Digital Capabilities: a revolution in the making

Technology is changing the insurance industry in fundamental and exciting ways.

Customers are forging new expectations based on their experiences with other sectors. New risk ecosystems are emerging, challenging traditional value chains. And our role as risk experts is being expanded by sensors, mobile technology and big data capabilities that are redefining the very notion of insurance.

Retail insurance has reached mainstream adoption in many of these areas. For large commercial and international program business, digital transformation is now starting to happen, with an accelerating pace over the last 12 months. This revolution is powered by new technologies that are changing the business model, increasing efficiency and consistency, improving service quality and making it possible for insurers to better interact with a whole range of stakeholders.

Optimizing a fragmented IT landscape
In large commercial business, insurers often face a complex, fragmented IT landscape, including IT legacy systems with limited automation capabilities. Many highly repetitive tasks in the end‑to‑end process are manual and include a significant amount of data re‑keying from one system to another. Robotic Process Automation (RPA) is a great enabler to driving efficiencies and improving speed and quality of service delivery. It can optimize this landscape, with its capability to take on many of the repetitive processes, freeing up highly skilled people to work on more complex and bespoke aspects of an international program.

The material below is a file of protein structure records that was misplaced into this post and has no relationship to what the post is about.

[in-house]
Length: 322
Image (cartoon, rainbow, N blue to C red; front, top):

Dealing with unstructured data
Insurers are faced with large quantities of unstructured data. For instance, submissions come in a variety of formats, to be manually reviewed by underwriters and risk engineers, who structure and manually key these data into the various underwriting, pricing or risk engineering systems.

Cognitive computing (CC), more specifically natural language processing (NLP) capabilities, bring unstructured data sources together, distil the intended semantic and properly structure the information to support risk and claims experts with their risk assessment an decision making. NLP capabilities can also be applied to automated research of internal or external data, to provide insurers with relevant supplementary information and create a holistic customer risk profile. This can include financial reports, news feeds, expert reports, audit reports, or internal analytics sources.

Improving consistency between customer intent and coverage

International programmes are highly complex processes and for risk managers it is crucial to have certainty that their original intent is reflected in all the various insurance policies, ensuring there are no coverage gaps. Even in this highly complex area CC can enable an automatic review of the key elements of an insurance program (coverage, exclusions, deductibles or limits) across all local policies. Various jurisdictions, regulations and languages can be taken into account when comparing the local policies with the master policy, as well as with the original customer intent.